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by rhiannon last modified 29/01/2016 10:15 AM

Low

by rhiannon last modified 29/01/2016 10:15 AM
Low

Photograph by Alex Craven

Low are a glimmer of hope in the sunset of a dying culture. Their two decades of patiently aching songs have provided a constant reference point for integrity, meditative rage and tenderness. Song titles are brief, lyrics are sparsely elusive and profoundly allusive. Spirituality, disquiet, death, and the search for unity pour out of chord shifts, harmonies and melodies - unrecognised or not. Low are a lot more than minimalists. Their gracious performances invite deep involvement and their songs present brilliantly uncomfortable questions and precious few answers.

Tonight in Bristol their sound was deep and loud (especially in "Monkey" from The Great Destroyer). Steve Garrington's bass was almost cruel in its precision and resonance. Alan Sparhawk's guitars roared when they weren't whispering. He was in truculent communion with the universe, expressing his normal laconic wit in wordless gestures and physical moves. "For your boys in Dubai…" was his shrugged opening line, introducing the unsettling "Plastic Cup" from the new album. He is a very handsome man.

Mimi Parker sang her songs and harmonies as beautifully as only she can, repressing something that wasn't being said by giving nothing away. Sixteen songs and two encores were presented – and they were all magnificent. The Trinity audience were reverentially silent (and the last words of the last song "I Hear Goodnight" were whispered – but every bit as audible as the shrugs)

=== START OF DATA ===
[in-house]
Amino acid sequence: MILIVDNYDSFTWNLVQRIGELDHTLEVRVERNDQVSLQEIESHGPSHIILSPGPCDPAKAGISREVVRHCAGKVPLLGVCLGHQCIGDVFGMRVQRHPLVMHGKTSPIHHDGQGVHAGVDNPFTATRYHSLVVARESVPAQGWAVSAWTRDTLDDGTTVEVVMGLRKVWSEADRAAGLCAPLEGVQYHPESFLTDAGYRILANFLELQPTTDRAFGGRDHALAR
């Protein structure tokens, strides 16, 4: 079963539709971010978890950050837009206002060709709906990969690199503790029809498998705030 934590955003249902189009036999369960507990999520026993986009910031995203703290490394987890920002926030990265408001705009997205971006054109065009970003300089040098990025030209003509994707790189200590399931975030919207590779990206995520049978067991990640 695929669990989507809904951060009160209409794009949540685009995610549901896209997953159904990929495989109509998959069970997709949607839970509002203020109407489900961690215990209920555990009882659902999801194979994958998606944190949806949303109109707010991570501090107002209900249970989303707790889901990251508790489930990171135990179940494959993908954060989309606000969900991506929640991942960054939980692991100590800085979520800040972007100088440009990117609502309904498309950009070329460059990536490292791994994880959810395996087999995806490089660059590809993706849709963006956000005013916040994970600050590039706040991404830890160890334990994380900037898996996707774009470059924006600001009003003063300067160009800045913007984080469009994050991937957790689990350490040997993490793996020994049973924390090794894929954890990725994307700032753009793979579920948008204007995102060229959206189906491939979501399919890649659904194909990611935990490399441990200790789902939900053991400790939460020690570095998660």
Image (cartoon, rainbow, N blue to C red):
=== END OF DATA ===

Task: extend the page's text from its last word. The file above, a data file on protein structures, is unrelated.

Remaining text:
The new album "The Invisible Way" was threaded through some of the best know classics like "Canada" and "Walk Into The Sea". The new songs maintained the high quality and intensity that Low's admirers expect. Trinity's audience were spellbound throughout .

Hibronix, a project of David Blumberg, formerly of Yuck, opened the evening with three big pieces of slurred and slowed Sparklehorse-like drone , supported on two by sidemen Sparhawk and Garrington. ("my backing band", he quipped) . What a very good night it was.

Sam Saunders

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